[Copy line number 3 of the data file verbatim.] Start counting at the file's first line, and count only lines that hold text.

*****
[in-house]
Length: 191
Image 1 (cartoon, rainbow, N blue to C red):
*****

Image 1 (cartoon, rainbow, N blue to C red):